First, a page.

Comtesse Anna-Élisabeth de Noailles, 1922.
“Never saw him write even the shortest note standing up,” Proust’s housekeeper Celeste Albaret wrote. Proust, it seems, spent the better part of his day—and the last three years of his life—in his spartan, cork-lined bedroom. He wrote, according to his biographer Diana Fuss, “from a semi-recumbent position, suspended midway between the realms of sleeping and waking using his knees as a desk.”
His bedchamber has been fully reconstructed at the Musée Carnavalet in Paris’s Marais neighborhood. This is apt; when forced to move from 102 Boulevard Haussmann later in life, the author was at pains to keep his environment intact. An exact copy, the Carnavalet installation is small and snug. According to Albaret, Proust wanted no distractions whatsoever from his writing, nothing extraneous in the room. Writing implements were arranged close at hand on a series of occasional tables; everything else was simple and unadorned.
Well, after a fashion: the place is still distinctly belle epoque. There’s no bric-a-brac, true, but the chamber isn’t what you’d call monastic. There’s a pretty rug on the floor; the tightly drawn curtains are blue satin. The room is dark—a single green-shaded lamp provides the only source of light, and presumably the Chinese painted folding screen could have provided still more privacy and dark. The narrow bed had belonged to Proust since childhood. The cork on the walls was intended not just to soundproof but to prevent pollen and dust from aggravating Proust’s allergies and asthma. The result was somewhat tomblike.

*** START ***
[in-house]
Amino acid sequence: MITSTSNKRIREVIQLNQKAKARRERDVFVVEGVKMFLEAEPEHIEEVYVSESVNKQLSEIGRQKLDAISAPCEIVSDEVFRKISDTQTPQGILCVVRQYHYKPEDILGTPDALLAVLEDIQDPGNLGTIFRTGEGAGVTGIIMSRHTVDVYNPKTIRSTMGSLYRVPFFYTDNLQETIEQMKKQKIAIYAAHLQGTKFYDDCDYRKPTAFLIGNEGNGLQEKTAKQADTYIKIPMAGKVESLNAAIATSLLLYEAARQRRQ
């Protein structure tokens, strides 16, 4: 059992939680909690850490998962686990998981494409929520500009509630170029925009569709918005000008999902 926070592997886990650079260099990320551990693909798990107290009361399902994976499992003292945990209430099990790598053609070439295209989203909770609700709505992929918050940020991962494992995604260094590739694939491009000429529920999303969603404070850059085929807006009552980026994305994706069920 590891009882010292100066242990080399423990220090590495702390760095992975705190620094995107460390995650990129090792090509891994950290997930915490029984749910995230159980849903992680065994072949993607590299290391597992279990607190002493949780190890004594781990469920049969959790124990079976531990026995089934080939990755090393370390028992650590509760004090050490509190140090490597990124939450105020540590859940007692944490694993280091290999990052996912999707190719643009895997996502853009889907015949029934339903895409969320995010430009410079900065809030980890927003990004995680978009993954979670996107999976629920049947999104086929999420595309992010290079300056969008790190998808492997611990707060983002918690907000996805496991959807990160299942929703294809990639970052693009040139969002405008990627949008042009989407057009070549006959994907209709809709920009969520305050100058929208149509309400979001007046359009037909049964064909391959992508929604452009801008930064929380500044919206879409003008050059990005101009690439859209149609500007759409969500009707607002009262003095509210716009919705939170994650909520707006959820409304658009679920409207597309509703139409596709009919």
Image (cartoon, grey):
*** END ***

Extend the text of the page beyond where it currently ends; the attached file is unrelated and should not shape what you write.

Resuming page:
There are two schools of thought on preserved rooms. Some find them the most boring thing in the world, and maybe macabre, too. For those of us who like them, it’s interesting to see how little we can know, and how much we can figure out. Does seeing Proust’s fifteen pens allow us to penetrate his genius, or just gawk at it? And what trespass in entering a private space, particularly that of a recluse. And yet this place remains far more inscrutable than the writing he willingly gave the world.
While Proust’s room is undeniably the big draw, the museum has recreated several writers’ bedrooms. Among the most interesting is that of Anna de Noailles. A princess and socialite, a patron of the arts and a novelist in her own right, Anna de Noailles was sculpted by Rodin and painted by countless artists. Her illustrious circle involved Cocteau, Gide, Colette, and, yes, Proust himself. She was the first woman to be named a Commander of the Legion of Honor.
The two rooms make for an interesting comparison. De Noailles, too, had lined her walls with cork—indeed, she gave Proust the idea. Her room is lighter, prettier—the Louis XV furniture is attractively covered, and several of her own still lifes brighten the walls. But it has a similar feeling of claustrophobia, of monomania. And indeed, for all her productivity, de Noailles was plagued with debilitating fears and neuroses.
I was first moved by this room to read her prose. Unfortunately, not much of it is readily available in English. But if you can manage any French at all—and I barely can—try Les Innocentes, ou la sagesse des femmes, a 1923 collection of brief meditations on sex, the role of the liberated woman, and the responsibilities of art. Noailles is a passionate, poetic guide to a moment of immense possibility. It seems ripe for translation.
If nothing else, you can probably find bits of her correspondence with Proust. The two were close friends, and at one point Proust wrote her, “Madame, how I admire you, how I love you, and how harsh my constant separation from you is to me.” Now, at least, their mutual isolation is memorialized—in self-padded cells mere feet from each other.
Sadie Stein is contributing editor of The Paris Review, and the Daily’s correspondent.
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